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Inside Mars Global Food CMO’s content strategy

Social resonance Social resonance
Photo credit:

John Morgan

By asking a few simple questions, Mars' Global Food CMO, Silvia Davila, produces work that truly resonates with its consumers.

Hailing from Mexico, Silvia Davila is VP and Global Food CMO of Mars, heading up one of the six core Mars properties that include Petcare, Chocolate, Wrigley, Drinks and Symbioscience.

Davila is responsible for the marketing behind world-renowned brands Dolmio, Masterfoods, Uncle Bens, and more since being appointed to the role in 2014. Although her journey to the position has been anything but traditional, explaining that her divergent path is, in fact, a key contributor to her success.

Having started in emerging markets, Davila gained an astute understanding of both developing and developed markets, how cultural nuances can vastly affect products and a clear understanding of how technology can best be leveraged to impact strategy positively.

“It’s been quite some experience,” she says.

HT: How have the changes to marketing technology better helped you connect with Mars consumers?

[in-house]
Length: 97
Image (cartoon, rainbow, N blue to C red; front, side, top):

It really has changed the way we speak to consumers entirely.

Marketing technology enables the creation of content with real social resonance

Previously we would have an abundance of content and very few channels of communication. Now, it is the exact opposite. People used to have a lot of time, but given the explosion of ways to connect with consumers we have had to go back to fundamentals and ask simple questions like:

What is the insight that we are keen to find out?

What’s the tension we’re trying to resolve with consumers that will enable us to communicate with in a way that really resonates with them?

For us, these questions help us find our sweet spot.

It’s not about getting a message in front of as many people as possible, which can be done at unprecedented scale, but rather, working out messaging based on relevant insight which gives it the power to connect with whoever sees it.